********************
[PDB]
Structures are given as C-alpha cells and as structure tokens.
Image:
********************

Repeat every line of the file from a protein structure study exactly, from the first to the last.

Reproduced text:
[PDB]
Structures are given as C-alpha cells and as structure tokens.
Image: